One of the keys to a prosperous world conversion is the feeling, "It was always this way." The world always followed GURPS, and when the world was created - it was GURPS. Magic always worked this way; characters were always like this, history was made with these rules, and all the significant NPCs follow these rules and know nothing more.
There was no "time of troubles" or "the way things were before."
The original game books fight you every step of the way, especially the bestiaries and adventures.
This is why I use a bog-standard B/X bestiary (like the excellent Basic Fantasy) and do a rough conversion:
- HT = HD x5 or x10
- Attack Skill, Parry = 10 + (Attack Bonus / 2)
- Dodge = 6 to 10, estimate
- Damage = 1d3 or 1d6 per HD or by weapon (swing = +20%)
- Special Damage = 1d3 or 1d6 per HD (or 5 character points per HD for a power)
- DR = estimate based on armor, or (roll-over AC - 10) / 2
Toss advantages and disadvantages on as needed. I recommend the lower multipliers for average creates and x10 for bosses, as 5x aligns it with the GURPS bestiaries. The elephant is a good example:
- HT = 50
- Attack skill = 15
- Dodge = 7
- Damage = 5d6 thrust, 7d6 swing
- Special Damage = none
- DR = 4
It matches the entry in GURPS Basic close enough. Those are good enough to play with. Goblin?
- HT = 5
- Attack skill = 10
- Dodge = 8
- Damage = 1d6 thrust, 1d6+2 swing
- Special Damage = none
- DR = 2
If you want special powers, like flame breath, give them special powers, tack damage on there based on HD, and be done with it. You don't need a full-blown character creation tool for these!
Again, it is close enough to the DF Monsters book, except HT, which is half - but hey, high fantasy, and this is a "minion" style monster - otherwise, use 10 HT. Skill is a little low, but this may be a villager - pump it by 2-4 points for a warrior.
Getting the numbers in a "good ballpark range" is all you care about. Tweak and adjust from there since no monster is alike.
Do enough of these and reference the Monsters and Basic Set books, and you'll get the hang of it quickly. Now you have a fantasy bestiary there, so you don't need to pick up the old one and hear the siren's call, "Just play me; it is easier..."
Sorry, I got my 4th Edition Basic Fantasy book, and we are free from all "it's not game X" feelings. Most special 5E monsters can be described as, "Oh, it's about the same size as a chimera, but it has ice-breath and mind-control powers." Find the chimera in Basic Fantasy, convert the numbers, tweak them to feel right, and tack on special powers.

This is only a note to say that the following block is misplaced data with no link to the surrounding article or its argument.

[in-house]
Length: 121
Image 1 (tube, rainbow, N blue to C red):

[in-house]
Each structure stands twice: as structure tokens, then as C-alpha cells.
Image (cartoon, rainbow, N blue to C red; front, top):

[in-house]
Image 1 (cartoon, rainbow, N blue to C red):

You are done.
It is challenging to convert, but having a rule of thumb for converting monsters lets me quickly pull in a few favorites and get me in the ballpark should I need to use a part of an adventure for inspiration. This also helps the feeling that "the world was always this way" since the monsters are good to go.
If converting in a B/X module, remember that the number appearing should also be reduced. Old-school modules are infamous for putting 20-40 monsters in a room, and even a dozen skeletons could be lethal to a party of four.
Everything should be "reimagined" using the GURPS lens, and even significant NPCs should be flavored and given interesting specialties to make them unique for your game. If I were doing a Forgotten Realms conversion and trying to put together an Elminster, I would not make him a 1,000-point arch-mage, a superhero of magic. I would make him a 500-point or even a starting 250-point character and put him in his early career. Nobody gets put on a pedestal if he falls - so what? That is what happened in this reality, or maybe this world was part of one of his dreams (and he was here for a while).
No one gets put on a pedestal; every GMNPC is a starting hero.
If they fall, get corrupted to evil, or end up on the wrong side of something - that's the story. Your players may be playing alongside them or against them.
But I would make him a little different, like an alchemist or monster hunter. Give him a quirky, fun job; maybe he won't be so intolerable and god-modded. Elminster, the inexperienced magic hunter of monsters, sounds fun, and I could root for a guy like that. Give him a unique theme and set of skills, and let him play through adventures and get better at a new role in life.
Maybe he won't turn out like he did in other worlds and end up like a Pokémon trainer or mage who participates in gladiatorial monster fights. D&D can force you into a very annoying and stereotyped archetype at high levels, like the pious paladin, the wise old cranky wizard, or the Xerox Conan barbarian. What else is there to model yourself after?
Master alchemist Elminster? Monster hunter Elminster? Steampunk inventor Elminster? Magical postman Elminster? The Island of Doctor Elminster?
Those sound fun.
And they aren't so GMNPC I can't stand them.